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  2. It's really hard to choose. Prunus, Amelanchier & Magnolia my favourites, but really, it's whatever blossom I'm looking at, at that moment... (not much of an answer!)

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    1. Quite a few say whatever is in blossom at the time, so you're in good company!

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  3. Lovely blooms!
    We have pear trees for springtime blooms
    Hope you are having a great week!

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    1. I have pears on the allotment, lovely early blossom 😊

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  4. We have the green fuzziness too.

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    1. I think it's my favourite stage of spring, those few days when you're asking yourself is that branch green, and then it clearly is 😊

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  5. Lovely. I like all tree blossom, especially white cherry blossom. Flighty xx

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  6. The magnolia tree blossoms are beautiful! I like any flowering tree in the spring time, but I'm partial to ornamental crabapples, just because we have several lining our driveway, so they really make a statement. I also have a small Amelanchier, which luckily does well here.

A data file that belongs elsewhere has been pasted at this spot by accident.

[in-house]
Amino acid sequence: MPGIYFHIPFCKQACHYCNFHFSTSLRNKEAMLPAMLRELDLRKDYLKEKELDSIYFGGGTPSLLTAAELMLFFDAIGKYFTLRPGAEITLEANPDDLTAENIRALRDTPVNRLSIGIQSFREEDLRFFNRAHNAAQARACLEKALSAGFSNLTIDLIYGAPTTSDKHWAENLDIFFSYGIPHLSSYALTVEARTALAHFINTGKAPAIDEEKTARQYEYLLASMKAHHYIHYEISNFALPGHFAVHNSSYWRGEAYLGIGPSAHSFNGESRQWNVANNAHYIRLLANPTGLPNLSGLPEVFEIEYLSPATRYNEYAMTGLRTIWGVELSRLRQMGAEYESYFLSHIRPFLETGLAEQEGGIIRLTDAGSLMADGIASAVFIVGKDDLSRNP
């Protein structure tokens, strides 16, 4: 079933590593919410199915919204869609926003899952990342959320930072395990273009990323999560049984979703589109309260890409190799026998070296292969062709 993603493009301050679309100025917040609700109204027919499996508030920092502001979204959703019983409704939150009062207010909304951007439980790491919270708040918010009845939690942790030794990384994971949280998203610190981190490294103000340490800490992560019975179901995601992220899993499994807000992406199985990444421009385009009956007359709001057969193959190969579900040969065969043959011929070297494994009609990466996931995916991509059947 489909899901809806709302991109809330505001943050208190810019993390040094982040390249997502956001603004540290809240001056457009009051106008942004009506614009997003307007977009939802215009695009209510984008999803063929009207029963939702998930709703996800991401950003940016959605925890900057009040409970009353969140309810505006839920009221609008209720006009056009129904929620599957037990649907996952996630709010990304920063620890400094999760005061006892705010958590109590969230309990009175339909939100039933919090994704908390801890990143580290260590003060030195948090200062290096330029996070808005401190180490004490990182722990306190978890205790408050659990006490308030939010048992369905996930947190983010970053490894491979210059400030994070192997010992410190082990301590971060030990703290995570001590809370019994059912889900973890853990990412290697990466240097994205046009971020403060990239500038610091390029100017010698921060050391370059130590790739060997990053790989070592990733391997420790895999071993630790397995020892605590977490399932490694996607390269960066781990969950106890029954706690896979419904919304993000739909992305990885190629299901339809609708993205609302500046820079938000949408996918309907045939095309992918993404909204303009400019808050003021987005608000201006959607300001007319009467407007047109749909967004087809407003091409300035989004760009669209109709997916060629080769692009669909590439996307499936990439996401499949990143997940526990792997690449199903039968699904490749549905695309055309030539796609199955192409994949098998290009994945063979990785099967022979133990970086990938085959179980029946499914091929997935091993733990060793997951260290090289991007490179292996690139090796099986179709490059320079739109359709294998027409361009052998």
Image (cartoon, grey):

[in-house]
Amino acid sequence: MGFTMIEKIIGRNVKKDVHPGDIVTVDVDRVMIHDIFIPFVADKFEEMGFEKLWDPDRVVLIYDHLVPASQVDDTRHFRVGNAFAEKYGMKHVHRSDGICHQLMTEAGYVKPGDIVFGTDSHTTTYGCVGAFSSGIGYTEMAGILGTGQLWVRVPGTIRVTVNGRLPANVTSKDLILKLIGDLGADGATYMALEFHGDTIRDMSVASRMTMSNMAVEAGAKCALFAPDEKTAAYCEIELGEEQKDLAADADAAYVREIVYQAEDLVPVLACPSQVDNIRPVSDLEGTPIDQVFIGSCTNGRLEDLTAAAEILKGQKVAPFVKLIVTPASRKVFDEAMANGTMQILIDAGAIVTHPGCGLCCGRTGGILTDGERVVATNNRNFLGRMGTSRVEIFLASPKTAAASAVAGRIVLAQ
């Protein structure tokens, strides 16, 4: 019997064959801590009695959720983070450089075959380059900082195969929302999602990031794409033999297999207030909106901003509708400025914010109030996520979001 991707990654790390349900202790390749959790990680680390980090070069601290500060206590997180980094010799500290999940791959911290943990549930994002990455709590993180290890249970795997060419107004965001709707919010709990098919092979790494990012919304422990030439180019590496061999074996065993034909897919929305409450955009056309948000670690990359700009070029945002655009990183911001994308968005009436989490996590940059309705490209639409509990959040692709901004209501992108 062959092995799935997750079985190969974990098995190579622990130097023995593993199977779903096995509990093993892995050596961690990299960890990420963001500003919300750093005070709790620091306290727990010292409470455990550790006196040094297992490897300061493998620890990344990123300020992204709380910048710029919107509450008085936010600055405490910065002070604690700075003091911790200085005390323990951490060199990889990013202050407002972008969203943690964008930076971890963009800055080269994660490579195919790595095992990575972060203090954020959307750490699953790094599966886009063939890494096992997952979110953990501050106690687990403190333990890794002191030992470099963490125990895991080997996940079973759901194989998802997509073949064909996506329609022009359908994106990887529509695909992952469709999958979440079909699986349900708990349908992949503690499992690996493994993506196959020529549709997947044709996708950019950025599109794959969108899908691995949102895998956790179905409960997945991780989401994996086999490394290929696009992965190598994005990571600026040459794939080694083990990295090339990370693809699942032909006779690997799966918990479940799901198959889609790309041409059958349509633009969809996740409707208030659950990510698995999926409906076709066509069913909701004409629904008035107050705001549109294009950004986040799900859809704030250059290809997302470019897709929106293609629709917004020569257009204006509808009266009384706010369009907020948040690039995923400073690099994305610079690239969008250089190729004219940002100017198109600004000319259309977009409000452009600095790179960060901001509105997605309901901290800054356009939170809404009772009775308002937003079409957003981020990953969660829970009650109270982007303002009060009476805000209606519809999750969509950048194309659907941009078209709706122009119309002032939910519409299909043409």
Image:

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    1. I found some ornamental crab apples in some public planting last week. It is indeed beautiful and the perfect excuse for another post about blossom!

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  7. That's beauty VP - what a considerate neighbour. I'm not sure whether I have a favourite but the first tree I planted for blossom was an autumn flowering cherry. It usually has a burst of blossom from November until the first hard frosts and then sings again come spring. It certainly earns its keep.

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    1. Ah that must be the 'Autumnalis' cherry I referred to. They are a welcome sight in the depths of winter, even though my brain also tells me its the wrong time of year for cherry blossom. My brain needs retraining now I know they're made that way!

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  8. I'm definitely after an Amelanchier. I've been meaning to get one for years and I think the time is right. It should love my clay soil!

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    1. I think one would look lovely in your garden Jessica :)

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  9. It is an exciting time of year! I've been remiss in not updating my blog for a while but Matron is back now! xxx

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    1. Hurrah, Matron is back! :)

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    2. PS lovely to see you on here, even though I know 'Matron doesn't do flowers' ;)